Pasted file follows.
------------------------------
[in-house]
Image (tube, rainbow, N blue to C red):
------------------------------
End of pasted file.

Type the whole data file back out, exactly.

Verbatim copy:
[in-house]
Image (tube, rainbow, N blue to C red):